3.2. Blood Glucose and Inflammatory Cytokines Measurements

The treatment group showed lower concentrations of daily blood glucose compared with control, and mice survived longer, suggesting that PB incorporation with the encapsulated islets resulted in improved islet-response to hyperglycaemia, insulin secretion, and glycaemic control. The improved glycaemic control also suggests that the nature of the microcapsules and encapsulating materials, as well as the internal 3D architecture including the microcapsule’s membrane, were suitable and supportive of protein and gas exchange and insulin diffusion into the outside biological fluids, resulting in insulin release from the microcapsules and subsequent hypoglycaemic effects. The inflammatory profile was also improved in the treatment group compared with control. The treatment group showed lower concentrations of plasma IL-1β, IL-6, IL-12, IL-17, and TNF-α. The anti-inflammatory effects associated with PB incorporation suggest powerful and direct inhibition of immune cell secretion of these biomarkers, possibly via islet-triggered positive effects. Similar to the hypoglycaemic effects of PB incorporation, the anti-inflammatory effects seem to result from PB core-distribution within the microcapsules and direct interaction with encapsulated islets, as shown in Figure 3. The anti-inflammatory effects of PB may have resulted from improved glycaemic control or reduced islets’ own inflammatory profile, resulting in reduction in systemic inflammation and ameliorated secretion for these biomarkers. Such PB anti-inflammatory effects are less likely to be a direct result from PB presence in the transplanted graft and its diffusion to the systemic circulation and directly affecting the immune cells, particularly since the amount of incorporated PB within the microcapsules was not large enough to warrant such powerful and systemic anti-inflammatory effects. When compared with published studies, the observed anti-inflammatory effects of PB on viable islets are in line with the literature. In a recent study in our laboratory, when PB was incorporated with a mouse-cloned viable pancreatic β-cell, within microcapsules, PB increased cellular viability, insulin release and significantly reduced the proinflammatory biomarker TNF-α, in vitro [39]. In another study where PB was orally administered to mice induced with T1D, PB microcapsules brought about a significant reduction in the inflammatory profile, which suggests that PB exerted significant and powerful anti-inflammatory effects in T1D [40]. Similarly, in a study published by Shimizu H. et al., the authors investigated the application of PB in diabetic mice administered multiple low-dose streptozotocin injections. The aim of the study was to investigate the effects of PB on the protection against pancreatic β-cell damage from oxidative stress caused by streptozotocin. The authors concluded that PB incorporation resulted in improved insulin release, attenuated hyperglycemia, and improved glycaemic control post oral glucose challenge test, hence, protecting pancreatic β-cell from oxidative stress [41]. Another study carried out by Guoyong Hu et al. showed similar positive effects of PB in a hamster animal model of hypertriglyceridemic acute pancreatitis and strong anti-inflammatory effects on pancreatic islets [42]. Accordingly, our findings of PB effects on islets are in line with the literature and support PB positive effects on transplanted islets and subsequent improvement in glycaemic control and inflammation. Such PB effects may have been associated with observed alteration in the bile acid profile due to diabetes induction and glycaemic control (Figure 5).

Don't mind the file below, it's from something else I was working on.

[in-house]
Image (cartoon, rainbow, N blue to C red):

3.3. Bile Acid Measurements